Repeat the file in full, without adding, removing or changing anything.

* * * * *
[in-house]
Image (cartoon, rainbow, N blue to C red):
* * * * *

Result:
[in-house]
Image (cartoon, rainbow, N blue to C red):